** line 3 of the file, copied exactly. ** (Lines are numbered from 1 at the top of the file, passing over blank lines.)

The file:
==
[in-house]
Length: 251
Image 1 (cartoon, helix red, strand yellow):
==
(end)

Image 1 (cartoon, helix red, strand yellow):